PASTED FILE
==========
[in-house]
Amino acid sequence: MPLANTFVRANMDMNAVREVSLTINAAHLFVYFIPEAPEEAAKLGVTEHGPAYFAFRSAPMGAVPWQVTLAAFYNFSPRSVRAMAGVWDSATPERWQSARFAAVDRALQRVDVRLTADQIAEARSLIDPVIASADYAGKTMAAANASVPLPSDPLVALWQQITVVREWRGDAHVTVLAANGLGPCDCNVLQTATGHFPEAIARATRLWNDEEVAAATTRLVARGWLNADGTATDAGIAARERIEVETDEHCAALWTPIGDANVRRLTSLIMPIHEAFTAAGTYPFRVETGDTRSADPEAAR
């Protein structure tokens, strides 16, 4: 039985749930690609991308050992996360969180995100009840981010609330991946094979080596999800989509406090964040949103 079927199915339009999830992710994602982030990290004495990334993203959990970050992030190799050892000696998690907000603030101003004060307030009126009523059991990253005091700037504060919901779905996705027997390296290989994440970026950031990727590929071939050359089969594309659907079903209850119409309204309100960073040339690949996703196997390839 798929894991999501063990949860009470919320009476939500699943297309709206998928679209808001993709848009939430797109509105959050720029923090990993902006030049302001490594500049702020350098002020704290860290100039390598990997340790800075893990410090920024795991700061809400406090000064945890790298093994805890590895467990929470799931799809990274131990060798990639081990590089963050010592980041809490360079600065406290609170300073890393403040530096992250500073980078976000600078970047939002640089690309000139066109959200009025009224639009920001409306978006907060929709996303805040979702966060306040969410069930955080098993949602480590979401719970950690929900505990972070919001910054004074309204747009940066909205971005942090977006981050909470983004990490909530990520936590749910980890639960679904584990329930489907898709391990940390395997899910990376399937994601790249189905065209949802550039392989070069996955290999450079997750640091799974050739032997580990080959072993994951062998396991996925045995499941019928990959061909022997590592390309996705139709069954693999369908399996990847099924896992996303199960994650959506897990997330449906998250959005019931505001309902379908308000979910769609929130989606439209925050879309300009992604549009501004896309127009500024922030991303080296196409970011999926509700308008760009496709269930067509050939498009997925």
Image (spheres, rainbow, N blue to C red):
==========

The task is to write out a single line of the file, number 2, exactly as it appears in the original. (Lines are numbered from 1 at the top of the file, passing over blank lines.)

Amino acid sequence: MPLANTFVRANMDMNAVREVSLTINAAHLFVYFIPEAPEEAAKLGVTEHGPAYFAFRSAPMGAVPWQVTLAAFYNFSPRSVRAMAGVWDSATPERWQSARFAAVDRALQRVDVRLTADQIAEARSLIDPVIASADYAGKTMAAANASVPLPSDPLVALWQQITVVREWRGDAHVTVLAANGLGPCDCNVLQTATGHFPEAIARATRLWNDEEVAAATTRLVARGWLNADGTATDAGIAARERIEVETDEHCAALWTPIGDANVRRLTSLIMPIHEAFTAAGTYPFRVETGDTRSADPEAAR